~The world will not stop spinning if I'm not able to keep doing what I do.

~Autism doesn't let up because I can't keep up.  I was up a few times and saying from the couch even "First *x,* then *y*!"

~Again, even though routine was upside down, things were often pretty screamy and touch-and-go, but we're all still alive.

~I'm still struggling with the same pride issues.  You know, the "I don't want to bother anyone" and "I'm not worth the trouble" things.  I still struggle with thinking those things are humility, when in fact they're not.

~Again, I learned that autism does not equal no empathy.  You know how I know?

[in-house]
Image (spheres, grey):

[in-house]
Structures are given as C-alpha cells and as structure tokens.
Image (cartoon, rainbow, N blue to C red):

"Want Mommy back."  

"Mommy's sick."  

"Are you ok, Mommy?" 

All those from Ryan.  That's how I know.  And the littles were great, too.  Richie said at least once every day, "I'm sorry you're sick, mommy."  Maelynn did sweet little things like bringing me a cotton ball to make me better and insisting that I need medicine.  

So I'm back up and running... well, wheezing, coughing, and panting... but up, anyway.  Thanks for everyone who knew I was sick and prayed, and to Mother and Eric?  You two are so good to me.  

Please address any grammar or spelling errata complaints to the flu.  My head is still in a fog! 

Thanks be to God for it all!